No. 5 Flight RAAF

From Wikipedia, the free encyclopedia
Jump to: navigation, search
No. 5 Flight RAAF
One of No. 5 Flight's Herons on display at the Centenary of Military Aviation 2014 airshow
One of No. 5 Flight's Herons on display at the Centenary of Military Aviation 2014 airshow
Active 2010–current
Country Australia
Branch Royal Australian Air Force
Role Training
Part of No. 92 Wing RAAF
Current base RAAF Base Amberley
Engagements War in Afghanistan (2001–present)
Decorations Meritorious Unit Citation
Aircraft flown
Reconnaissance Heron RPA (2010–2017)

No. 5 Flight is a Royal Australian Air Force (RAAF) aircraft flight which was equipped with IAI Heron unmanned aerial vehicles. It was established in 2010 to operate Herons in Afghanistan. Following the withdrawal of the Heron detachment from that country in 2014, conducted training missions in Australia to maintain the RAAF's expertise in operating unmanned aerial vehicles until more advanced types are delivered. The unit's Herons were retired in June 2017, and it is to be disbanded by the end of the year.


No. 5 Flight was raised on 18 January 2010 at RAAF Base Amberley as part of No. 82 Wing.[1][2] The flight's initial role was to operate the RAAF's small fleet of IAI Heron remotely piloted aircraft which were based at Kandahar in Afghanistan.[2][3]

On 13 April 2013 the responsibility for Heron RPA transferred to the Royal Australian Air Force's Surveillance and Response Group.[4] At this time the flight's responsibilities included training personnel from all branches of the Australian Defence Force to operate the Herons in Australia, and maintaining a detachment of personnel at Kandahar to operate the RPAs as part of Operation Slipper, Australia's contribution to the war in Afghanistan.[5][6] The RAAF acquired a third Heron during 2011 which No. 5 Flight used to train RPA operators in Australia; prior to this time Heron operators were trained in Canada.[1][3] The RAAF's Air Force newspaper reported in May 2011 that No. 5 Flight comprised a "handful of members".[3] On 4 April 2013 the flight transferred to No. 92 Wing; at this time it had a strength of 18 full-time personnel and three reservists, and operated four Herons. Three of the UAVs were deployed to Afghanistan and the fourth was in Australia.[2] As of 2013, most of No. 5 Flight's UAV operators had been fixed-wing aircraft pilots from the RAAF, Army and Navy.[7]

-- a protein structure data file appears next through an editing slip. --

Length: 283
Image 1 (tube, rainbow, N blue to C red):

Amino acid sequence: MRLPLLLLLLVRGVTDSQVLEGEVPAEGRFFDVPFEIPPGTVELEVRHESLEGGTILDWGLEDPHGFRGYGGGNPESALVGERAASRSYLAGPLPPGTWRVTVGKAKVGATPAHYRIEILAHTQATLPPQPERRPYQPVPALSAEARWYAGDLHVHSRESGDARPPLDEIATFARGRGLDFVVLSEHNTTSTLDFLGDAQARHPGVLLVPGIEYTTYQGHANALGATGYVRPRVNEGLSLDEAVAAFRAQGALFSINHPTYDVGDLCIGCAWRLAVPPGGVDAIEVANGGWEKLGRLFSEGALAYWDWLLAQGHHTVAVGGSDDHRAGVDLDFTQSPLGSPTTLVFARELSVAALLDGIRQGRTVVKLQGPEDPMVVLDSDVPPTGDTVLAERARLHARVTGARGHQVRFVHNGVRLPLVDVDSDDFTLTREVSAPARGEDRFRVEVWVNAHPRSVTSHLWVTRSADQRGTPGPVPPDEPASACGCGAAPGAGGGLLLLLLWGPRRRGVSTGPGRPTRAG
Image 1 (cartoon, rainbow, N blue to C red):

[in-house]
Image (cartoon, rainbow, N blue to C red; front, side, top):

After a further extension of their mission, the Heron detachment was scheduled to remain in Afghanistan until the end of 2014.[8] It was announced in October 2014 that two Herons will be retained in Australia for a six-year period; at this time one of the UAVs was based at Woomera, South Australia and the other will be transported from Afghanistan. It is planned that the two Herons will eventually operate from other Australian military and civilian airfields.[9] The final Heron UAV detachment left Afghanistan in December 2014.[10]

As of 2016, the main role of No. 5 Flight is to maintain the RAAF's expertise in operating UAVs until more capable types such as the Northrop Grumman MQ-4C Triton are delivered.[11] No. 5 Flight was awarded the Meritorious Unit Citation in the Queen's birthday Honours on the 13 June 2016 for "sustained outstanding service in warlike operations through the provision of Intelligence, Surveillance and Reconnaissance capability on Operation Slipper, over the period January 2010 to November 2014."[12]

No. 5 Flight's Herons were retired in June 2017, with the last flight of the type taking place from RAAF Base Tindal on 23 June. As of August 2017, No. 5 Flight was scheduled to be disbanded by the end of the year.[13]

See also[edit]


  1. ^ a b Ziesing, Katherine (2010). "Heron in Woomera this Year". Australian Defence Magazine. Vol. 19 no. 2. p. 76. 
  2. ^ a b c Curran, Aaron (9 May 2013). "SRG New Home for Heron". Air Force. Retrieved 7 May 2013. 
  3. ^ a b c Smith, Skye (12 May 2011). "5FLT training down under". Air Force. Retrieved 11 May 2011. 
  4. ^ RAAF. "A New Home for Heron". RAAF News. Retrieved 12 March 2014. 
  5. ^ McLaughlin, Andrew (April 2010). "Nankeen. The RAAF enters the RPA era with Heron lease". Australian Aviation. No. 270. Fyshwick: Phantom Media. p. 31. ISSN 0813-0876. 
  6. ^ Hupfeld, Mel. "Australia’s air combat capability 2010 – 2020" (PDF). Institute Proceedings. Royal United Services Institute of Australia. pp. 10–11. Retrieved 26 February 2011. 
  7. ^ Jenkins, John (December 2013). "The operational role of the Heron remotely-piloted aircraft in the Royal Australian Air Force" (PDF). United Service. 64 (4): 23. 
  8. ^ "Australia’s Heron mission in Afghanistan extended" (Press release). Department of Defence. 9 July 2014. Retrieved 25 September 2014. 
  9. ^ "Minister for Defence – Heron to be retained to keep Australia’s unmanned aerial capability". Minister for Defence Senator David Johnston. 30 October 2014. Retrieved 30 October 2014. 
  10. ^ McLaughlin, Andrew (3 December 2014). "RAAF Heron detachment completes Afghan mission". Australian Aviation. Retrieved 11 December 2014. 
  11. ^ Frawley, Gerard (22 April 2016). "RAAF operates Heron unmanned aircraft from Amberley". Australian Aviation. Retrieved 5 May 2016. 
  12. ^ "Military – Distinguished & Conspicuous" (PDF). Queen's Birthday Honours List 2016. Governor-General of the Commonwealth of Australia. Retrieved 14 June 2016. 
  13. ^ Abbott, Jaimie (10 August 2017). "End of an era, as our Heron departs". Air Force. Department of Defence. p. 2. Retrieved 9 August 2017.